Day after day my anger built up and folded in on itself. The looks, the comments, “Don’t go in there because there are Black immigrants selling drugs,” “Don’t go in there because there are Syrians,” “Watch out for the Palestinians.” And with all these stigmatized subjects I talked, exchanged brief glances of identification, and felt understood. All of us, foreign bodies in Geneva’s multicultural society, found one another in some way.

The Ethnography Museum Geneva. I was told I had to visit it, one of the best ethnography museums in the world. I went in straight to the basement where the permanent collection is shown. And I came face-to-face with the culture of barbarism, theft, and colonial rape. Many of the pieces there, out of context, in places that hurt communities of native peoples, Africans, Indians, and Asians, stolen objects exposed in the absolute political and social ignorance that accompanies the existence of museums like this one. The objects[4] die along with the peoples that the conquerors insist on burying. While they insist on seeing them as fetishes, exoticism, strangeness, there I saw the dystopian traces of an ignored diaspora. Banzo.

I started to look at the photos that Emilie Salquèbre took after the performance of La Chaise, Perlas a los cerdos, and Blessure. A black background; front, profile photos; sinuous body, perky ass. Brutal similarities with the slavery cataloging books in the ports, the museums of colonial ethnography, the medical and police archives. In Emilie’s photos, I saw myself as just another body that could be cataloged, objectified, sketched, over and over again . . .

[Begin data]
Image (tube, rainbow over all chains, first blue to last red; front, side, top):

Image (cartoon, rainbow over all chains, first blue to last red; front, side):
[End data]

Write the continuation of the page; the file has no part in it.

La Chaise. Three days of immobility for one hour. Sitting in the sugar chair. Second day, my blood bag with a large clot in the thin tube. My blood does not want to be spilled there. The insistence and technical rigor of the Cie Yann Marussich team unclogs the tube and the drip begins. The legs of the chair made of sugar cubes—which I millimetrically assembled or six hours in one day, along with three other chairs—absorbed the blood dripping down the arm. After one hour it collapses. In the fall, the sugar hits my back and my thigh, where I carry the scars. Next, photos in the locker room by Emilie. Front, side. I shower and get ready to do Perlas a los cerdos in the sequence. I had blood in my eyes. I got angry and looked at them emanating my ancestral emotions. The second day, lying there for one hour while Filipe succumbed to the dripping, I clearly saw my reflection in the pool of blood. In all that blood spilled there and the raw flesh.

For us, the theme of sugar has nothing to do with food, it’s not about people eating too much, according to Yann’s argument. Sugar is slavery, the sugar mills, our grandfathers cutting cane on the plantations, it’s the whip of misery.

There is a latent revolt when we realize that our blood has become a puddle crystallized in white sugar. We are not against colonialism, we work for its complete destruction. The gazes . . . learning to divert them, to block them, to annul them, to look straight ahead when necessary and when there is strength in our tired eyes . . . They are shields and spears that we sharpen to pass through the white clouds in the skies of high culture, of that ART. That gaze is necrotic.